Following a drastic increase in homicides on March 26, 2022, President Bukele and National Assembly declared a 30-day State of Emergency. Amnesty International recognizes the urgent need to protect the lives and physical safety of the Salvadoran population from crime. It also recognizes that anti-crime measures must be effect, proportionate, and consistent with international human rights standards. The State of Emergency Decree issued on March 27, 2022 suspends rights, that under international human rights law, cannot be restricted, including elements of due process and judicial guarantees. The State of Emergency has been accompanied by a confrontational presidential discourse that stigmatizes and attacks human rights defenders, civil society organizations, international bodies, and the independent media for simply expressing concerns or criticism about the measures taken in this period. The Salvadoran government has also passed amendments to several laws, including removing the limits on pre-trial or provisional detention without charges. Amnesty International continues to be concerned about the Salvadoran government’s strong preference for the militarization of public security
Under the current state of emergency, the Salvadoran authorities have committed massive human rights violations, including thousands of arbitrary detentions and violations of due process, as well as torture and ill-treatment, and at least 18 people have died in state custody, Amnesty International said today, following its research into the crisis in the country. President Bukele’s government declared a state of emergency on March 27, following a spike in homicides allegedly committed by gangs, which has since been extended twice.
In response to a court ruling in El Salvador that sentenced a woman to 30 years in prison for aggravated homicide after suffering an obstetric emergency, Erika Guevara-Rosas, Americas director at Amnesty International, said:
A joint investigation by Access Now and the Citizen Lab has identified the use of NSO Group’s Pegasus spyware against journalists and members of civil society organizations in El Salvador on a massive scale. Technical experts from the Amnesty International Security Lab have peer-reviewed the report and independently verified forensic evidence showing that Pegasus has been misused in the country.
As millions took to the streets to protest rampant violence, inequality, corruption and impunity, or were forced to flee their countries in search of safety, states across the Americas clamped …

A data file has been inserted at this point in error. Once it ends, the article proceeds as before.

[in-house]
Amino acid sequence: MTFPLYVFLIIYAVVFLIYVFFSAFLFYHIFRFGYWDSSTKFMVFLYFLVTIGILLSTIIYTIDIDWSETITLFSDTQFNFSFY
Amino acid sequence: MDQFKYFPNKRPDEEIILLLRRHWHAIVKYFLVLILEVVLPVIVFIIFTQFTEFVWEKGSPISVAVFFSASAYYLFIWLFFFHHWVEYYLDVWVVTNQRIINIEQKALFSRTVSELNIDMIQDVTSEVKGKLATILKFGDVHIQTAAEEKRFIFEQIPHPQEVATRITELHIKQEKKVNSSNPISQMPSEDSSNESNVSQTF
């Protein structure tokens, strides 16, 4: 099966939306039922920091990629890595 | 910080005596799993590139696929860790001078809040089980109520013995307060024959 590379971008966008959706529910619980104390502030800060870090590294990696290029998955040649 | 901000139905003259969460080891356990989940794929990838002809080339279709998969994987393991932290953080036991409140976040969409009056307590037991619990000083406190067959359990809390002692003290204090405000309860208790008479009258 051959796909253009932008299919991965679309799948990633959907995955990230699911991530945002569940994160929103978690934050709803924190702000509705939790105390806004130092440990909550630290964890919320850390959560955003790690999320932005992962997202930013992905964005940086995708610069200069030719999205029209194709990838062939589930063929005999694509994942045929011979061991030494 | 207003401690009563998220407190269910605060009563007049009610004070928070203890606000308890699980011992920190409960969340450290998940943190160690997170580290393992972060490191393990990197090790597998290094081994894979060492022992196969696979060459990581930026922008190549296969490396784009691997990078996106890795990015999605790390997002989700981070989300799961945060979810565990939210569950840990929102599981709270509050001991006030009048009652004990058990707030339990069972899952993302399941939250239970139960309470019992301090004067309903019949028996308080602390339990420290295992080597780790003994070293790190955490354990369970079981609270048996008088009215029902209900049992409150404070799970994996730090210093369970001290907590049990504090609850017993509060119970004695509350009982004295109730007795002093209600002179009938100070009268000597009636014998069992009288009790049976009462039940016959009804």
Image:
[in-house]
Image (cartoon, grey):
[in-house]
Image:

The lives and safety of lesbian, gay, bisexual, transgender and intersex people (LGBTI) from violence-ridden El Salvador, Guatemala and Honduras are at an increased risk as authorities in their countries fail to protect them, leaving them with no choice but to flee their countries and face further dangers in Mexico, Amnesty International said in a new report today.
International protection of human rights is in danger of unravelling as short-term national self-interest and draconian security crackdowns have led to a wholesale assault on basic freedoms and rights, warned Amnesty International as it launched its annual assessment of human rights around the world. “Your rights are in jeopardy: they are being treated with utter contempt by many governments around the world,” said Salil Shetty, Secretary General of Amnesty International.
This has been a devastating year for those seeking to stand up for human rights and for those caught up in the suffering of war zones. Governments pay lip service to the importance of protecting civilians. And yet the world's politicians have miserably failed to protect those in greatest need. Amnesty International believes that this can and must finally change.
Every year, thousands of women and girls are denied their rights and choices by El Salvador’s total ban on abortion and its criminalization. Women and girls who are carrying an unwanted pregnancy are confronted with two options: commit a crime by terminating the pregnancy, or continue with the unwanted pregnancy. This report details the pervading cultural and institutional barriers that women and girls in El Salvador face in exercising their human rights, particularly those barriers that obstruct the realization of their sexual and reproductive rights.
All over the world, people are coerced, criminalized and discriminated against, simply for making choices about their bodies and their lives. In the face of these continuing violations, Amnesty International launches MY BODY MY RIGHTS, a new global campaign to defend sexual and reproductive rights for all.
Every year, thousands of women and girls are denied their rights and choices by El Salvador’s total ban on abortion and its criminalization.